Swamped by too much raw intel data to sift through, US spy agencies are pinning their hopes on artificial intelligence to crunch billions of digital bits and understand events around the world.
Dawn Meyerriecks, the Central Intelligence Agency's deputy director for technology development, said this week the CIA currently has 137 different AI projects, many of them with developers in Silicon Valley.
These range from trying to predict significant future events, by finding correlations in data shifts and other evidence, to having computers tag objects or individuals in video that can draw the attention of intelligence analysts.
Officials of other key spy agencies at the Intelligence and National Security Summit in Washington this week, including military intelligence, also said they were seeking AI-based solutions for turning terabytes of digital data coming in daily into trustworthy intelligence that can be used for policy and battlefield action.
Social media focus
AI has widespread functions, from battlefield weapons to the potential to help quickly rebuild computer systems and programs brought down by hacking attacks, as one official described.
But a major focus is finding useful patterns in valuable sources like social media.
Combing social media for intelligence in itself is not new, said Joseph Gartin, head of the CIA's Kent School, which teaches intelligence analysis.
"What is new is the volume and velocity of collecting social media data," he said.
In that example, artificial intelligence-based computing can pick out key words and names but also find patterns in data and correlations to other events—and continually improve on that pattern finding.
AI can "expand the aperture" of an intelligence operation looking for small bits of information that can prove valuable, according to Chris Hurst, the chief operating officer of Stabilitas, which contracts with the US intelligence community on intel analysis.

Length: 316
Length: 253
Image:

"Human behavior is data and AI is a data model," he said at the Intelligence Summit.
"Where there are patterns we think AI can do a better job."
Eight million analysts
The volume of data that can be collected increases exponentially with advances in satellite and signals intelligence collection technology.
"If we were to attempt to manually exploit the commercial satellite imagery we expect to have over the next 20 years, we would need eight million imagery analysts," Robert Cardillo, director of the National Geospatial-Intelligence Agency, said in a speech in June.
Cardillo said his goal is to automate 75 percent of analysts' tasks, with a hefty reliance on AI operations that can build on what they learn automatically.
Washington's spies are not the only ones turning to AI for future advantage: Russian President Vladimir Putin declared last week that artificial intelligence is a key for power in the future.
"Whoever becomes the leader in this sphere will become the ruler of the world," he said, according to Russian news agencies.
The challenge, US officials said, is gaining trust from the "consumers" of their intelligence product—like policy makers, the White House and top generals—to trust reports that have a significant AI component.
"We produce a presidential daily brief. We have to have really, really good evidence for why we reach the conclusions that we do," said Meyerriecks.
"You can't go to leadership and make a recommendation based on a process that no one understands."
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